3D modeling and police killings; can mutual aid networks get political?; #flattenthecurve's failure?; and much more.
This is civic tech: New research work by Forensic Architecture, a firm based in London that uses a mix of cutting edge technologies including 3D modeling, data mining, machine learning, pattern analysis, and virtual reality, to conduct independent investigations into human rights abuses and police killings, is raising important questions about the official narrative describing how London police came to kill Mark Duggan, a Black man who died nine years ago and whose murder triggered immense protests at the time.
Meedan is out with a new report today on how fact-checking bots that it set up on WhatsApp using its Check platform can “(1) help audiences understand how to interact with the fact-checking team and see commonly-requested content, (2) serve as a bridge between a human editor and someone submitting content to a tipline and (3) cut down on unactionable content.” Working with four partners (AFP, Africa Check, BOOM and India Today) across five countries, Meedan’s process dealt with 5,700 fact-checks that came in from WhatsApp tiplines, mostly about COVID-19 issues.
Can mutual aid networks thicken neighborhood bonds and convert social solidarity around COVID-19 into longer-term political action that addresses systemic issues? That’s the question Diana Budds explores in a must-read LongForm article for Curbed.com, focusing on the Astoria Mutual Aid group. The answer she offers: yes, maybe, though as organizers try to intentionally engage relatively privileged people who think that all they are doing is “apolitical” volunteer work to help their neighbors, they may lose people who aren’t willing “to engage the realities of racial inequity and white supremacy.” I hope Budds stays on this beat.
Nearly one in five Americans say they’ve participated in a recent protest. That level of sustained engagement—if it stays sustained—is how nonviolent revolutions succeed. In the Atlantic, technosociologist Zeynep Tufecki argues that this generation’s Black Lives Matter protests are “the second civil-rights movement in postwar America” and “they are convincing people of the righteousness of their cause” which, by denying legitimacy to the powers-that-be, will lead to massive change. Amen to that.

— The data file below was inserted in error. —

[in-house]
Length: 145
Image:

A question for data visualizers: Did the widespread sharing of the #FlattenTheCurve meme unfortunately convince lots of people that the curve automatically goes down after it crests? Because this is not happening.
One last must-read for today: This first-person account from New Yorker Anthony Alojera, as told to the Washington Post’s Eli Saslow, is an urgent reminder that the COVID-19 crisis is far from over, and the people on the front lines—EMTs like Alojera—are bearing the brunt of savage inequalities, along with the mostly poor and working class people they are serving. I would argue that the emerging results from Tuesday’s primary vote in New York, where several newcomers who ran hard against the status quo are upending veteran lawmakers and pushing aside incumbents who thought they had the inside track to election to higher offices, is a sign that a lot of people are fed up and want far more change than is currently on offer.
You are reading First Post, a twice-a-week digest of news and analysis of the world of civic tech, brought to you by Civic Hall, NYC’s community center for civic tech. If you are reading this because someone forwarded it to you, please become a subscriber ($10/m) and support our work or sign up for our newsletter and stay connected with the #CivicTech community.